One of the guys at Bell’s just told me that when they think of pricing the first person they think of is the one sitting in the barstool. I love that. That is also the first person I think of when I arrive at a price for the chalkboards. We started 18 years ago at $4 and $5 for a pint and now we are at $6 and (rarely) $7 for the pricey stuff. It is pretty cool that the brewer and the retailer, the last step in the chain, can be on exactly the same page. Sierra Nevada, Lagunitas, Smuttynose, now Bell’s are examples of breweries who have worked to keep pricing fair. They’re under a lot of pressure, rising costs as well but they think of the consumer and that is the key.
ES: Since there are so many beer bars now, do you see them as competitors or as part of a big beer family?
BG: Everything in NYC is competitive and bar owners are a unique breed. The nightlife lifestyle, the perceived profits, the mythos of easy money, etc. bring a lot of people into the game. Over the years, I have had a number of current craft bar owners as regulars here at The Gate before they set out. Cousins of a sort. It is a big beer family to some degree but that ultimately depends on the family members doesn’t it?
ES: Do you have a philosophy on what kinds of beer you try to have in your bar?
BG: I concentrate largely on American Craft here and balance. Seasonal balance, style balance. From the outset we have been a local, neighbourhood pub. We stock a few macros for our customers who prefer it and rotate the other 90% of our roster with craft. The power of quality is an essential key. A well tended pour is a primary focus. If you have a customer sitting with a great looking, fresh and tasty pint, what’s better that?
I also listen to the customer. The great thing about this wave of craft is that the customers are more vocal than ever. Know what they want. Tell you not only what they like but WHY they like it. It’s incredible.
ES: The life of a bar owner is 24/7 fun, parties and groupies, right?
BG: And there you have the most common misperception in the business! Taking absolutely nothing away from the fun factor, I’m 18 years here now and didn’t make it this far by living it up on the Lido deck and neglecting the engine room! I think that’s the best way to balance an answer right?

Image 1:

Every day as a bar owner you are bringing a couple dozen or 250 people into your living room! Every single day. On paper that looks absolutely crazy. The 24/7 aspect is merely a part of the whole and certainly can distract but at no time do you forget the people who work for you, those at the party or the final bill at the end of each month!
ES: Since I’m assuming the answer to the previous question is “no”, take us through your typical day.
BG: I got into the bar business as a person who is homicidal if confronted by routine. Every day is different. While that certainly has its drawbacks, what makes this business the best for a person like me is variety. The icing here in craft beer is that the game is constantly interesting and changing. As craft keeps growing I never struggle to find choice.
If there is any “typical day” nature to it, it always involves the kegs. We have a large cold box and the organization of it is a constant puzzle solving game. I have been trapped, injured, hospitalized, you name it. Our old box is like an old friend. Been through a lot together!
ES: Bell’s Brewery just started distributing in NYC, and you recently had a tap takeover. Which of their beers is your favorite?
BG: Bell’s is great to finally have here. I am a big fan of the stouts. The Double Cream and of course the Expedition were outstanding. The Midwestern Pale was a beer I’d never tried. It became a quick favorite as a ‘have more than one’ brew. Met Larry at The Gate during launch week and he was affable and full of great stories. Another pioneer. 1985.
ES: Is there a brewery that doesn’t distribute here that you’d love to see?
BG: On the large scale Deschutes out of Bend, Oregon. On a smaller scale, Crux Fermentation, also Bend was a find for me on a recent trip out there, I’m a fan. Prairie Artisanal out of Oklahoma. Surly. Certainly love to see Three Floyds back in NYC. Yes we had them here for a hot minute many years ago! I could go on and on.
I think there are 2 breweries a day now opening in this country, so we will be seeing a lot more “I wish…” breweries!
ES: Do you have any special kegs you’ve been aging or holding on to for occasions?
BG: I age kegs regularly and always have a stash. For most events apart from new launches, we can generally offer an in-house cellared vintage. For NYC Beer Week I have always done a hand picked vintage keg lineup. This year is no different. I’ve got cellared kegs rolling out for NYCBW of Hair of the Dog, Avery, Founders, Hitachino and more.
ES: Any events comings up?
BG: Along with the vintages for NYC Beer Week we will have a book signing and new/local breweries event with Beer Union and their book “Beer Lovers NY”, getting a very special keg sent up to us for Beer Week from Cigar City, then it’s on to Mardi Gras with Abita, a chili cookoff with 11 breweries participating, Peekskill etc etc. Always something going on!